In recent years, there has been a lot of talk about innovation districts—and for good reason. These dedicated urban zones provide the proximity and focused resources that entrepreneurs, educators, developers and business leaders need to work together for the greater good.
But while the world is waking up to their potential, innovation districts are hardly new for Greater Cincinnati. In 2004, leaders from various local sectors came together to form the Uptown Innovation Corridor, a strategic plan for concentrated investment at the intersection of Martin Luther King Drive and I-71, located just one mile north of downtown Cincinnati.
Not long after, a partnership between the University of Cincinnati and Procter & Gamble produced the 1819 Innovation Hub, a mixed-use space for tenants that range from large-scale companies like Cincinnati Bell to smaller startups like Amplify Sciences, whose advanced flu test is capturing seed funding from Cincinnati to San Francisco.
Stories like these offer more evidence that the Uptown Innovation Corridor is making good on its promise to foster what UC Chief Innovation Officer David Adams calls “creative collisions” between research, industry and talent. And now, a new study from the Brookings Institution further validates that claim, listing Cincinnati among only 20 U.S. markets and 100 cities worldwide at the forefront of “a new geography of innovation.”
In The Rise of Innovation Districts, authors and social scientists Bruce Katz and Julie Wagner detail a recent global shift that’s uprooting the next-generation innovation long held in isolated corporate campuses (think Silicon Valley) and placing it smack-dab in highly trafficked urban centers like Uptown Cincinnati that are adjacent to housing, office space and retail.
When an innovation district is firing on all cylinders, say the authors, the impact is evident. For starters, its economic, physical, and social networking assets interact to create new synergies—phenomena that’s certainly at play in the Uptown Consortium’s collaborative mission to aggregate funds for improving pedestrian and bicycle connectivity across the MLK and Reading corridors; stabilizing existing housing and business districts with balanced residential infill and creating a unified and distinctive district-wide brand identity.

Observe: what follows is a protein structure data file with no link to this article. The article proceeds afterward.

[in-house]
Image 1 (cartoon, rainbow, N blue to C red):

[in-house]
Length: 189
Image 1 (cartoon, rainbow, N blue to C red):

Secondly, according to Katz and Wagner, successful innovation districts have strong organizational drivers, particularly in governance and financing. By introducing new collaborative spaces like the 1819 Innovation Hub, enhancing access to capital, and giving entrepreneurs diverse avenues for commercializing their inventions, Greater Cincinnati leaders showcase their commitment to intentionality, setting the stage for long-term future growth and success in the Uptown Innovation Corridor.
And finally, the study states, an innovation district is operating the way it should when it demonstrates inclusivity and an equitable approach to social innovation. Our region began responding more than a decade ago to the serious challenge of building wealth by enabling minority business ownership and entrepreneurialism. The ongoing effects of that investment are evident in activity by groups like MORTAR, who last May moved its nine-week Uptown minority business accelerator program to the 1819 Innovation Hub from its headquarters in nearby Over-the-Rhine—a signal of more good things to come.
As the study further illustrates, the rise of successful innovation districts has the power to advance prosperity on a regional scale, making the Uptown Innovation Corridor another shining example of what our region’s signature collaborative spirit can accomplish. Our elected officials, business leaders, education institutions, nonprofit organizations, and local community groups are coming together for continued economic success in Greater Cincinnati—and the world is paying attention.